"Meaning what exactly, Timothy?" Jeremy asked, sounding genuinely perplexed. "That he takes his faith too seriously for your comfort?"
"Please, boys, that's enough," Nora pleaded. "Now is not the time. Your father is too ill for this."
"I am not too ill to look after the welfare of the company!" Wallace insisted. "My father and grandfather devoted their lives to Hamilton Media, and I simply will not allow a momentary physical weakness to harm it in any way!"
"Please, Daddy," Heather interjected softly. "If you can trust God with your health, surely you can trust Him and your sons to take care of the company for a while."
Wallace grimaced shamefacedly. "You're right, you're right. It's just that " He passed a hand across his forehead, and Nora followed it with one of her own. "I feel so helpless, stuck here in this bed."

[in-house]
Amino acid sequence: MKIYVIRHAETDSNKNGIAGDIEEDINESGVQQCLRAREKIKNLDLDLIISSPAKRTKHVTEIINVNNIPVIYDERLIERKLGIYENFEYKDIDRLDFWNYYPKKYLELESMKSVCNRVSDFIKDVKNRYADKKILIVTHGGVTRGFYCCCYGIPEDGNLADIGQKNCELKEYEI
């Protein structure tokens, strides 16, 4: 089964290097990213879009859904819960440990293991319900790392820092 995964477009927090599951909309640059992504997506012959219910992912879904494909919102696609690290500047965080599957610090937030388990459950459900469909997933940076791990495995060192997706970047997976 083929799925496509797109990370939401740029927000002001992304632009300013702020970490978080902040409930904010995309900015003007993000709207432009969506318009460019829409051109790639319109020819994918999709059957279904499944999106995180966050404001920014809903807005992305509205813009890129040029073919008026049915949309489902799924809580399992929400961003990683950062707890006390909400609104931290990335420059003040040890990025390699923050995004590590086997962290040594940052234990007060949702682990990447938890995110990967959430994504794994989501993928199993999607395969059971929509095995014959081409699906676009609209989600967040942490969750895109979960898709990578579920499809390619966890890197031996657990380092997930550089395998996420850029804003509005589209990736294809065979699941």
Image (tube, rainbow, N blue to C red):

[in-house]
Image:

"All the more reason you should rest and let us take care of things," Tim said.
"Good advice," the doctor agreed. "Have a little faith, Dad," Jeremy put in. "We won't let you down."
"Not that faith is an adequate substitute for hard work and dedication," Tim muttered, and Heather inwardly winced.
Jeremy immediately bristled. "Are you implying that I'm not dedicated, that I don't work hard enough?"
Tim had the grace to look abashed. "I didn't say that."
"You might as well have, so let me remind you, little brother, that I hold the reins at Hamilton Media now."
"Then do what you should," Tim demanded. "Bite the bullet and sign that accounting contract!"
"It's my decision, Tim, and I'm not bound by your opinions."
"I have a right to my opinions!"
"Please!" Nora interjected sternly. "Now is not the time."
"We're all too upset at the moment for this discussion," Amy interjected reasonably.